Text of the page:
As outside spending to influence elections soared in 2010, the federal agency charged with enforcing election laws handed out some of the smallest penalties in its three-decade history.
The Federal Election Commission levied less than $1 million in fines this year to election scofflaws, a far cry from the $6.7 million in civil penalties in 2006.
Experts said the low output resulted from internal politics that deadlocked the six-member regulatory body and from a landmark Supreme Court ruling that gutted campaign finance laws and opened the spigot for massive corporate and union spending in the 2010 election.
“Court decisions have changed the rules of the game,” said Paul Ryan, an attorney at the Campaign Legal Center, a nonpartisan group that generally favors stricter enforcement of campaign finance laws. “There is now a smaller universe of illegal activities.”
A current commissioner, Republican appointee Donald McGahn, attributes the decline to the FEC paying more attention to compliance and prevention.
“In the past, the commission used to be like the police officer at the bar, waiting for a drunk driver to get in the car and drive away, then arrest them for drunk driving. I’d rather be the cop at the door taking the keys. You don’t have to let people gets themselves in big trouble before fixing the problem,” McGahn told the Center for Public Integrity.
The FEC slapped penalties on 108 cases in 2006, 252 in 2007, 104 in 2008, 248 in 2009, and 34 in 2010.
Some cases that might have drawn penalties in the past were resolved instead through dispute resolution, a form of mediation. That applied to 51 cases in 2006, 67 in 2007, 36 in 2008, 52 in 2009, and 39 in 2010.
A November report released by the FEC shows penalties for the 2010 fiscal year amount to only $860,000.
That is a sharp decline from 2006 fines totaling $6.71 million, which was more than double the amount of penalties in any other year in the agency’s history. “Our performance this year sends a strong message that while we will do our best to encourage voluntary compliance, we will also seek significant civil penalties when we uncover serious violations of federal election laws,” then-Chairman Michael Toner said at the time.
More than half of the 2006 fines came from a single penalty, $3.8 million paid by Federal Home Loan Mortgage Corporation (Freddie Mac), for using corporate funds and company resources to illegally contribute to political committees. Freddie Mac’s actions would have been illegal even under the U.S. Supreme Court ruling in January that opened the floodgates of corporate contributions to finance political ads.
“I would think the generalized confusion in the state of the law since January also impacted the enforcement process,” said former commissioner Scott Thomas, a Democratic appointee, referring to the Citizens United v. FEC ruling. Spending in the 2010 elections is estimated to have reached as high as $4 billion, a record amount even as FEC enforcement declined.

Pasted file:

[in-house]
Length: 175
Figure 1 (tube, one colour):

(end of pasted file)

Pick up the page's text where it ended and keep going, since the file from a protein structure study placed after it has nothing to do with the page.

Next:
Thomas added, “There may also be a decrease in the number of complaints being filed simply because the FEC has gotten some press about just dropping cases that the staff has presented to the commission with civil penalties in hand. ”
Commission deadlocked in some cases
Another former commissioner attributed the decline to the court rulings as well as political splits among the FEC’s six commissioners. The FEC is evenly split between Democrats and Republicans.
“There were several who settled rather than going to court because of the costs of litigation. More recently there have been deadlocks on the commission and inability to agree on the proper level of fines,” said ex-commissioner Karl Sandstrom, also a Democratic appointee. “A good thing to look at is how many matters were actually pursued. I think most practitioners working in the area would say there’s been a big drop off.”
The Citizens United ruling said corporate funding of political ads in elections could not be limited under the First Amendment. The decision struck down a provision of the McCain-Feingold Act prohibiting unions and corporations from broadcasting political ads.
Addressing a complaint against Freedom Watch, Inc., the FEC set a new legal precedent by not requiring reporting of single donor sources. The complaint accused the political action committee of violating FEC disclosure laws when it aired a political ad but failed to identify donors. The FEC case was dismissed in August when the commission deadlocked, once again, on a 3-3 vote.
A statement released by the three Republican commissioners said that only funds donated for the explicit purpose of funding an ad must be disclosed.
The political split among the six FEC commissioners leads to frequent deadlocks because it takes four votes to conclude that the law was broken.
“We have complained about the increase in deadlocked votes at the FEC. There are some Republican commissioners with less of an appetite for enforcing the law than anyone in the agency’s history. With deadlocked votes, nothing happens,” Ryan said.
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